The U.S. International Trade Commission (ITC) has voted to investigate three patent complaints -- about semiconductor circuits, camera phones and flash memory chips -- that could lead to products being banned from import into the U.S.
The trade panel voted Thursday to proceed with an investigation into alleged patent violations related to semiconductor integrated circuits. Qimonda AG of Germany filed a complaint against Seagate Technology and its subsidiaries and LSI, alleging that the two companies have violated its patents related to semiconductor integrated circuits used in a variety of products, including data storage and networking products.
Qimonda's complaint involves seven patents on an output driver device for an integrated circuit. The company is asking the ITC to ban the import of products containing the alleged patented technology. A Seagate enterprise hard drive and a number of LSI products are infringing the patents, Qimonda said in its complaint.
Qimonda filed a so-called Section 337 complaint against the two companies. The ITC will investigate the complaint and decide whether to ban imports of the devices in the complaint.
Seagate and LSI representatives were not immediately available for comment.
Earlier this week, ITC said it would investigate a complaint by Eastman Kodak against Samsung and LG Electronics. Eastman Kodak complained that the two companies have violated patents it holds on mobile phones and other wireless devices containing digital cameras. Kodak's Nov. 17 complaint involves two patents, one focused on digital cameras able to take reduced resolution images, and one focused on technology allowing camera users to preview an image.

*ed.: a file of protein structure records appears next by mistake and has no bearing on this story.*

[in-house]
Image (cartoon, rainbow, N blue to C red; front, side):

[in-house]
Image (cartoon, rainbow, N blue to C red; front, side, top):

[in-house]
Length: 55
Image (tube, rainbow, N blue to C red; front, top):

Finally, the ITC has voted to investigate a Nov. 17 patent complaint filed by Spansion and related to flash memory chips and products.
Spansion's complaint targets Samsung, Apple, Kingston Technology, Lenovo, Research In Motion and several other companies. Spansion's ITC complaint involves four patents related to the structure of memory cells, how to isolate the memory cells, and how to operate the memory cells in a way that make flash memory chips containing the cells faster, cheaper, smaller and more reliable, the company said.
Spansion also has a patent lawsuit pending in U.S. District Court for the District of Delaware.